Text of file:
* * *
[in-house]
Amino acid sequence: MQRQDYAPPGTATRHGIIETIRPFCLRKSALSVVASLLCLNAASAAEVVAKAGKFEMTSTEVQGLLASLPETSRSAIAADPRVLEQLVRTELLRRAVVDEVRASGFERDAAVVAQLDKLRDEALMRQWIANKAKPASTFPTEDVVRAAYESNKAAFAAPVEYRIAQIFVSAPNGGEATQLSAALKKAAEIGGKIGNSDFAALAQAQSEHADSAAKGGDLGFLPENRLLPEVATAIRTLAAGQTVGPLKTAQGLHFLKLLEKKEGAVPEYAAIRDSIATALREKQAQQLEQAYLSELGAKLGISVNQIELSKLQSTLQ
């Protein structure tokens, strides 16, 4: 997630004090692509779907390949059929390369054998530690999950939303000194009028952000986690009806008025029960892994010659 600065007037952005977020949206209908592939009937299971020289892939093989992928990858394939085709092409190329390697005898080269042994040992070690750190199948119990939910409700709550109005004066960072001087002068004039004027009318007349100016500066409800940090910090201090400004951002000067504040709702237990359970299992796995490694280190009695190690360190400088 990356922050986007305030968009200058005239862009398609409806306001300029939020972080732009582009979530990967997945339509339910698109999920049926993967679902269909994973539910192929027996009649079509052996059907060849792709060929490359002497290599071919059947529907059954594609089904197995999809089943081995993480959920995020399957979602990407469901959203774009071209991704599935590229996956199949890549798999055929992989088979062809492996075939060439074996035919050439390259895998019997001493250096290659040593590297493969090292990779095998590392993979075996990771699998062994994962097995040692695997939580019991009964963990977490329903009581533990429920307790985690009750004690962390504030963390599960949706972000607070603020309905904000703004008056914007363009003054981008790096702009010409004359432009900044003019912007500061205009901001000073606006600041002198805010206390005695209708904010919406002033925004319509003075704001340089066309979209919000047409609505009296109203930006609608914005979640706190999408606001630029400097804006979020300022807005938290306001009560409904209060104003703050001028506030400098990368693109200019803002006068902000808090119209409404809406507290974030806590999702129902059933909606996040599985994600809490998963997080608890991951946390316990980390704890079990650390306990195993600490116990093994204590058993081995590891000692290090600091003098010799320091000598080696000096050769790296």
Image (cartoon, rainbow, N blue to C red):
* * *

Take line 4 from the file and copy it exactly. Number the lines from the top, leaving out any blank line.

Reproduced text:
Image (cartoon, rainbow, N blue to C red):